SAD Lights, on the other hand, require you to turn on the light and sit in front of it for at least 30 minutes, and often more than an hour, to get the positive effects of the light. Many people just don’t do this and don’t have a morning routine that allows for such a long period of time in front of the light.
According to this article from the Biological Psychiatry Journal, approximately 20% of people who use SAD lights discontinue their use. Those who use dawn-simulating alarms tend not to have this issue.
Do Wake-Up Lights Use UV (Ultraviolet) Rays?
None of the dawn simulator lights on this list, and none of the lights that I know of, use UV light as part of the spectrum. They’re all just visible lights, using standard LEDs. So you’re not getting exposed to any UV rays with this. While there are potentially significant benefits to UV exposure in relation to seasonal depression, vitamin D, etc., I haven’t seen any suggestion that UV would help in terms of dawn simulation
Dawn Simulator Reviews
Best Dawn Simulator Alarm Clock: Philips Wake-Up Light HF3520
Key Points at a Glance
- 300 Lux of Light
- Has 5 wake-up noises
- Includes an FM-Radio
- Minimalist, ultra-modern look
- Covered under a 2-year warranty
Following on the heels of the Philips Somneo is the Philips Wake-Up Light HF 3520. This light is also quite beautiful, though it doesn’t quite hit the design height of the Somneo. It’s also a bit more awkward to pick up. There’s no really easy way to hold it if you want to dust around it or otherwise manipulate the light. Fortunately, all the weight is on the bottom, so it’s pretty well balanced on the nightstand.
The HF3520 has essentially the same dawn simulation and dusk simulation features as the Somneo, and its clock works almost entirely the same. There are fewer bells and whistles on the HF3520, but most of those really aren’t very useful. And the design isn’t quite as cool. But the price tag is a lot lower, making this light a lot more attainable and useful to many buyers.
You can see the natural, gradual light changes. This pattern can take from 20 minutes to 40 minutes to transition, depending on your settings. As with the Somneo, you don’t perceive the individual gradations. It just looks like a natural morphing of the light from orangey dawn to bright daylight. At its max, it’s about as bright as a standard 60-watt bulb.
The wake-up feature typically triggers the light about 20 minutes before the audible alarm sounds at the target time, and often users find they wake up just before the alarm goes off.
The HF3520 has only 5 sounds in its bank, and there’s no USB input to charge your phone. But the USB charger isn’t a big help, and the 5 sounds are quite nice. They include pleasing nature sounds like birds chirping and seaside waves. The sounds are well done, and each is recorded for a long enough time frame that there isn’t an obvious short loop that can get distracting.
There’s also an FM Radio on this one as well, with a wire antenna, but it’s just not a great implementation of a radio.
Like the Somneo, there are two wake-up patterns you can configure on the HF3520. These would correspond to weekday and weekend, or workday and day off. There is no way for the HF3520 to identify the day of the week, unfortunately.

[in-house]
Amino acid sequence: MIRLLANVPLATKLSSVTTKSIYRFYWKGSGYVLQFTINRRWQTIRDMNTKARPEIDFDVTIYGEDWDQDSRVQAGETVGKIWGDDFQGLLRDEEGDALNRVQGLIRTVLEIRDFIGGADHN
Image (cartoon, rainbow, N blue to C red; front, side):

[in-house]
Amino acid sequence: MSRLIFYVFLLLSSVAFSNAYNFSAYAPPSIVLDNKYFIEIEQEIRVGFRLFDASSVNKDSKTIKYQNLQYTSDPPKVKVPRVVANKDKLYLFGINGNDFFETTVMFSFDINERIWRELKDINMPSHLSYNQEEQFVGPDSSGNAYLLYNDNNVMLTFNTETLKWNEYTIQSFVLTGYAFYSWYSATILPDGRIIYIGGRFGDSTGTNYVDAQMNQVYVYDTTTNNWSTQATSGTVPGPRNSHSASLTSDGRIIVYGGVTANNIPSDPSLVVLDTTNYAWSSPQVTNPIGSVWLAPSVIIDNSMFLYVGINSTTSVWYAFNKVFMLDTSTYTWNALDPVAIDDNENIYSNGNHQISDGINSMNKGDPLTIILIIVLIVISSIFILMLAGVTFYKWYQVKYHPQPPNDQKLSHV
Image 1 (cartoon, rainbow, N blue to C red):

It also has a battery backup, so if you have a power outage, your clock will still function.
And like the Somneo, the HF3520 has a sunset program as well. The light will gradually dim, and white noise will play in order to help you get to sleep. There are no rhythmic breathing sequences with this light, though.
The Bottom Line
The Philips Wake-Up Light HF3520 is an outstanding dawn-simulating alarm clock. It will gracefully wake you up with its beautiful light and will look awesome on your nightstand. It’s priced pretty reasonably, and while the Somneo looks a little cooler, it really isn’t any better at dawn and dusk simulation than the HF3520 is.
This is an excellent choice for a sunrise alarm clock and hits the right balance between price and quality. It is the best dawn simulator for most buyers.
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Key Points at a Glance
- Produces 350 Lux of Light
- Gradual color-shift from deep orangey-red to daylight colors
- Comes with 8 Alarm sounds
- Includes an 8-hour battery back-up
- Includes USB charging input
- Includes FM Radio
- Dual voltage 100-240 volts
- Covered under a 2-year warranty
The Somneo is Philips’ top of the line Dawn Simulating light, and it works quite well. The design is strikingly futuristic, and it looks more like a sculptural object than an alarm clock. It’s got a strange donut/torus shape that immediately grabs attention, and is also useful. It’s generally easier to pick up this alarm clock than it is to pick up other alarm clocks.
The Somneo gently wakes you up from your slumber with its deep, luxurious red light that mimics the color of the early dawn. Gradually, the Somneo transitions to a yellower light and then a more daylight-simulating light as the lamp progresses through its phases.
And it really does what you would expect given a light at this price point. There are no easily-perceptible jumps in light color or brightness. Just a smooth stroll up from complete darkness to shining dawn.
Philips is an unquestioned leader in the Dawn Simulator Alarm Clock category, and the Somneo is their flagship product. And it’s that good.
The light works as a simple touch screen, and all controls are configured through the light itself. The clock portion is minimalist and stylish, and the numbers gradually fade and change colors with the light. At its darkest point, the numerals are just barely visible. And the Somneo has a light sensor built-in, so it knows the ambient brightness of your room.
Not a whole lot of light is emitted by the HF3650 lamp. Only 350 lux of light are used in the wake-up light, far less than the 10,000 commonly used in SAD lights. But the level of illumination is ideal, and the whole system works really well to simulate the dawn in a very pleasing way.
You choose how long the sweep through the color spectrum is, from 5 minutes to 40 minutes.
The Somneo has an emergency 8-hour backup battery. So if your power goes out in the middle of the night, the Someno will still wake you up on time. This is a pretty useful feature if you frequently suffer from power outages.